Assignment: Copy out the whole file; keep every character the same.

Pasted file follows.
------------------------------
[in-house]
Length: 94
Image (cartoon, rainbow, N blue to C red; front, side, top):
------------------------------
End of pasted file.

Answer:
[in-house]
Length: 94
Image (cartoon, rainbow, N blue to C red; front, side, top):